After a dozen-year stretch in Uncanny Valley, Robert Zemeckis has returned to the world of live-action with the substance abuse drama Flight. It’s not the smoothest ride. The film’s alcoholism plotline veers toward the generic, the symbolism is often so blunt as to be laughable, and the supporting players are mostly one-note.

What keeps it on course, however, is the compassionate but honest character study at its core. Zemeckis and screenwriter John Gatins (Real Steel) have an iron grip on who Captain William “Whip” Whitaker is and what makes him tick, and Denzel Washington‘s grounded performance maintains the audience’s sympathy without sugarcoating Whip’s nasty side.

When we first meet Whip, he’s starting out a work day like any other. He wakes up still drunk from the night before, a naked flight attendant asleep beside him, and snorts a line of coke to get his mind back into focus before rushing off to his airplane. Once there, he proceeds to fix himself an orange juice with three vodkas and inhales from the oxygen tank. The flight hits a bit of turbulence early on, thanks to a rough storm, but even in his booze-soaked state Whip is a capable enough pilot to guide his plane to clear skies.

He’s still in that less-than-optimal condition when the flight takes a much more serious turn. An equipment malfunction sends the plane into a dangerous nosedive, forcing Whip to pull some unorthodox stunts in an attempt to save everyone on board. His quick thinking has him hailed as a hero by the media, but his private struggles are just beginning. A federal agency launches an investigation into the incident, uncovering incriminiating evidence of Whip’s alcoholism. Should he be convicted for criminal negligence and manslaughter, he could spend the rest of his life in prison.

It’s edgy material for a filmmaker better known for his family fare, but Zemeckis doesn’t flinch. Addiction is a nasty, R-rated disease, and Flight treats it as such. There’s no polite averting of the eyes when characters snort or shoot drugs, or pass out half-naked. Even more harrowing is the plane crash, an intense and graphic action set piece that had me alternately gasping and holding my breath.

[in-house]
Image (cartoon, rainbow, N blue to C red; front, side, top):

But then, subtlety isn’t Flight’s stock in trade. This is the kind of movie where the camera zooms in as a single tear drop’s from a man’s eye, where an AA member recalls how his lies would “walk [him] out that door” as our dishonest protagonist literally walks out a door, where Whip’s drug dealer pal (John Goodman) makes his entrance to the Rolling Stones’ “Sympathy for the Devil.” Religious references are frequent and heavyhanded. “An act of God” is cited as the cause of the plane crash, which took out the steeple of a Pentecostal church, while Whip’s rescue is “nothing short of a miracle.” But they don’t add up to much of anything.

Supporting characters are treated with similar bluntness. Don Cheadle and Bruce Greenwood do their best as Whip’s lawyer and a union representative, respectively, but their talents are wasted in these stock roles. Brit actress Kelly Reilly fares worst of all as Whip’s recovering addict love interest Nicole, who’s less an actual character than a symbolism-laden plot device. Although the film goes to pains to set up a generic junkie backstory for her, it’s never clear why she’s interested in Whip or what she wants out of the relationship, so it’s difficult to muster up any interest in their romance.

But Flight largely works in spite of such clumsiness, thanks to its compelling and complicated protagonist. Zemeckis and Washington aren’t afraid to let Whip be unlikeable, and they’re upfront about the fact that Whip is a terrible husband, father, employee, and friend. Even more interesting is the decision to show how alcohol brings out Whip’s charming side. In one scene, a giddy Whip suggests to Nicole that they fly to the Caribbean. She’s wary of his obvious drunkenness, and we are too, and yet it’s tough not to be a little bit seduced by his infectious energy and mischievous smile. It’s all too easy at that moment to understand what it is about the bottle that calls to Whip so loudly.

What brings Whip’s disparate sides together, and what keeps him from being purely despicable, is Washington’s dedicated performance. Even when Whip is at his cockiest, there’s self-loathing bubbling just beneath the surface; even when he’s at his most contemptible, there’s a sense that he wants desperately to be better than he is. The umpteenth shot of Whip trying and failing to resist temptation is just as heartbreaking as the first, because Washington makes the internal struggle feel like a fresh one each time.

The investigation and Whip’s issues come to a climax at a tense hearing, where Whip finds himself faced at a crossroads. It’s to Zemeckis’ and Gatins’ credit that the decision is a genuinely tough one, with sky-high stakes and no easy answer. Unfortunately, the film fizzles once he makes his choice. Having completed Whip’s arc, Zemeckis promptly diminishes it by tying up loose ends in the most ham-fisted ways possible, and what was for two hours a complex portrayal of destructive disease becomes in its last fifteen minutes an afterschool special. How ironic that a film about a miraculous landing should have so much trouble sticking its own.

/Film rating: 6.5 out of 10.0

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